Extraordinary engineering talent, entrepreneurial spirit, a sense of humor, and deep convictions propelled David F. Evans, PE, PLS, and David H. Gould to found David Evans and Associates, Inc. (DEA) on April 1, 1976. Dave Evans’ specialty was coaxing the maximum number of lots from a parcel of land while preserving the natural beauty of the landscape — which increased the value of the lots for developers. During the national housing boom of the late 1970s, the creative pragmatism of DEA was evident in 75 subdivisions or approximately 4,100 lots in the Portland metropolitan area alone.
In a short time, developers asked the young firm to extend its reach into Washington State. Three offices within three years marked a period of rapid geographic growth and the new offerings of surveying and landscape architecture services. Four years after the firm’s founding, Dave was featured at the National Association of Homebuilders’ 37th convention, speaking on the topic of reducing construction costs to increase housing affordability.
The recession of the 1980s challenged the existence of the young firm. The collapse of the Savings and Loan industry ended funding for land developers, and DEA’s project base evaporated. Ever the entrepreneur, Dave believed that expansion into new geographies and diversification of services would be the means to DEA’s survival. He pursued mergers and acquisitions. The number of staff in Oregon — a state hit particularly hard by the downturn in the housing market due to its lumber-oriented economy — contracted. Having asked outstanding professionals to “hitch their stars to his wagon,” the contraction was a painful time that would color the firm’s future in unexpected ways.
At the same time the firm expanded into Southern California, gaining a foothold in the telecommunications, utilities, and municipal markets. Expansion into planning services soon had the firm providing Mobilization Master Planning work for Fort Lewis in Washington. A merger with an Oregon firm meant DEA began serving the US Army Corps of Engineers and other federal clients and gained offices in Albany and Bend, Oregon. Dave’s leadership, vision, and entrepreneurial drive positioned the firm for rapid growth as the economy recovered.
If “what if we tried this?” expressed the creativity of the firm and earned the respect and appreciation of public- and private-sector clients, it was the articulation of the firm’s philosophy — “We find outstanding professionals and give them the freedom and support to do what they do best” — that attracted some of the best minds in the industry to the again dynamic company. Dave’s belief in others was further expressed in his concern that all who contributed to the firm’s success should share in its rewards. Through an Employee Stock Ownership Plan (ESOP), a relatively new concept at the time, DEA became an ESOP-owned company in 1985.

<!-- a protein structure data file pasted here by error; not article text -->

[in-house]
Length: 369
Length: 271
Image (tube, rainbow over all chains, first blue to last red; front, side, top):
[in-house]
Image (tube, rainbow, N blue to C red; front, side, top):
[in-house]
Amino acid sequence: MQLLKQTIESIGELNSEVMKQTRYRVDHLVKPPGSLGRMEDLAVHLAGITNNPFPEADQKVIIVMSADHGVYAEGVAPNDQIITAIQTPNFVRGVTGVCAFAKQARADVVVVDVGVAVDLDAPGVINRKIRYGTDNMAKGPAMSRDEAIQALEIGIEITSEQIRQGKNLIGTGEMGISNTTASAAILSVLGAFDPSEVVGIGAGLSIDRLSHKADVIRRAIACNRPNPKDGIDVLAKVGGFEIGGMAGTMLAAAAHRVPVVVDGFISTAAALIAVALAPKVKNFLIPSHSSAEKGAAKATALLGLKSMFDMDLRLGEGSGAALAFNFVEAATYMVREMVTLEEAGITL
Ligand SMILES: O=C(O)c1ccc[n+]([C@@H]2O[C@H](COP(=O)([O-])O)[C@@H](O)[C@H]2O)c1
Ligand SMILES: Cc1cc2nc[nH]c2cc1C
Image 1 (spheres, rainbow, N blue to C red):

With a philosophy in place, Dave turned his sought-after attention to what DEA stood for — why did the firm’s existence matter? DEA leaders codified values that had long characterized and continue to characterize the firm: Honesty in relationships; a belief that Openness about good and bad news strengthens the firm; Consideration in dealing with others; Involvement such that DEA is a good citizen in the communities in which it works; recognition that Entrepreneurial Spirit fosters excitement, creativity, and cutting-edge thinking; Enjoyment in the work itself; and Financial Security for employees and their families. And to what end would these deeply and collectively held values be dedicated? DEA leaders distilled and articulated DEA’s core purpose: “To improve the quality of life while demonstrating stewardship of the built and natural environments.”
As the firm’s portfolio of landmark projects grew, so did Dave’s commitment to civic involvement. After hearing a speech by Peter Ueberroth exhorting businesses to get involved in public education, Dave initiated DEA’s adoption of Abernethy Grade School in Portland, Oregon to help purchase educational items not covered in its budget. Staff became involved in various volunteer opportunities at the school. Dave’s belief in the value of public broadcasting led the firm to become a sponsor in Oregon and Washington. Dave has since served as a board member of the Portland Public Schools’ Foundation, Portland’s Japanese Garden Society, Oregon Public Broadcasting, and Doernbecher Children’s Hospital Foundation.
Today, Dave is a member of the board of directors, a senior editor at CE News, and author of the book Achieving Zero: My Life and Love of Consulting Engineering. As always, Dave remains open to any question posed by an employee and retains his habit of walking through DEA offices, coffee cup in hand and a mechanical pencil in his pocket, asking about and appreciative of the work being accomplished by DEA’s talented staff. DEA is a magnet for gifted professional and technical people. Our professionals build on the firm’s past while expanding on our founder’s vision in thoughtful and creative ways.